This question already has an answer here:
Let's say for whatever reason, I can not take the income deduction for traditional IRA contributions. Also, I am not eligible for a Roth IRA. Perhaps my MAGI is too high.
In this case, if I contribute to a traditional IRA:
- I'll have paid regular income tax on the money I put in (since I can not deduct it), and
- I'll pay tax on gains when I take distributions as regular income.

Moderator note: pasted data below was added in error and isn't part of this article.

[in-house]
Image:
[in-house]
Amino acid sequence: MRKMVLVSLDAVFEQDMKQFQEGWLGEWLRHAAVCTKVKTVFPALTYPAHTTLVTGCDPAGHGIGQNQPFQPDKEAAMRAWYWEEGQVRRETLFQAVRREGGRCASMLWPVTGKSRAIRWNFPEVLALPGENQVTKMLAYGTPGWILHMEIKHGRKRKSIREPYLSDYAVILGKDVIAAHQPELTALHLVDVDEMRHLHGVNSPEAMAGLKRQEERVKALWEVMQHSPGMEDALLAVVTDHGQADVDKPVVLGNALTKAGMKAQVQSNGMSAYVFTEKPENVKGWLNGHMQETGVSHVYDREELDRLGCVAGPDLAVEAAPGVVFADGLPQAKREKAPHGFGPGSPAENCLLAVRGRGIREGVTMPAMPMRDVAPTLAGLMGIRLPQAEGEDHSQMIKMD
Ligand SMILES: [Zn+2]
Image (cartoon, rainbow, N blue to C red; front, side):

Compared to an ordinary taxable account, this seems like not a great deal, since it doesn't get the benefit of the lower tax rate on capital gains and qualified dividends that a taxable account would.
Is there some additional advantage to the traditional IRA when an income deduction can not be made that I'm overlooking?